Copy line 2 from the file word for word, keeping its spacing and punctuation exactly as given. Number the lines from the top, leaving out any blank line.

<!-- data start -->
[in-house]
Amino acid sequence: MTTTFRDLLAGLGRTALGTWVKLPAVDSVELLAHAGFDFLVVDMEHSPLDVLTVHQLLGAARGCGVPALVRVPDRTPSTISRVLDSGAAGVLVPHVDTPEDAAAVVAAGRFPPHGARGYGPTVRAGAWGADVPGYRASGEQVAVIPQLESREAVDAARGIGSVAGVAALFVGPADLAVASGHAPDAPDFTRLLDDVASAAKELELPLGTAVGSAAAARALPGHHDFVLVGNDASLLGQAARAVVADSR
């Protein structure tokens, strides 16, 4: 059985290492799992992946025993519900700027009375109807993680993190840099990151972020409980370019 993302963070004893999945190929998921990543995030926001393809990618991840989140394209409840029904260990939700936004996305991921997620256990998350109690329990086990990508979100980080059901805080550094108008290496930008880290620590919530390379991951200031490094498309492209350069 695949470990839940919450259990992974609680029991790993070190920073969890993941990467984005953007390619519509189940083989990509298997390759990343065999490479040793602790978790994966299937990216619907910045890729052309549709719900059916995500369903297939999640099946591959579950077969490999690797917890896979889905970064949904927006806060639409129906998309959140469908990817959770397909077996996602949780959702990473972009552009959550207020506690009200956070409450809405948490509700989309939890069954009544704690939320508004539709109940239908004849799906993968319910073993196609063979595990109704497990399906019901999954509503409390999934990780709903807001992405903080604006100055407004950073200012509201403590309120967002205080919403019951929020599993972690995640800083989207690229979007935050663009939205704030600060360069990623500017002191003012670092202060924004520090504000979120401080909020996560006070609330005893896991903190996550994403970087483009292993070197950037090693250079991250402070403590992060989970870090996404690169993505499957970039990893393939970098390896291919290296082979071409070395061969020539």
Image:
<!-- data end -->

Amino acid sequence: MTTTFRDLLAGLGRTALGTWVKLPAVDSVELLAHAGFDFLVVDMEHSPLDVLTVHQLLGAARGCGVPALVRVPDRTPSTISRVLDSGAAGVLVPHVDTPEDAAAVVAAGRFPPHGARGYGPTVRAGAWGADVPGYRASGEQVAVIPQLESREAVDAARGIGSVAGVAALFVGPADLAVASGHAPDAPDFTRLLDDVASAAKELELPLGTAVGSAAAARALPGHHDFVLVGNDASLLGQAARAVVADSR